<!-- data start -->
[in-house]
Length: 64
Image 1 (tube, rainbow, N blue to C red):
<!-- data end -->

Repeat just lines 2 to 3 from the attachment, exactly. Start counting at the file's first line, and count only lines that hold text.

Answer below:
Length: 64
Image 1 (tube, rainbow, N blue to C red):